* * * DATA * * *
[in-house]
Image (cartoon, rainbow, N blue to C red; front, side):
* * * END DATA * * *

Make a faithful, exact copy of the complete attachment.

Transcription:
[in-house]
Image (cartoon, rainbow, N blue to C red; front, side):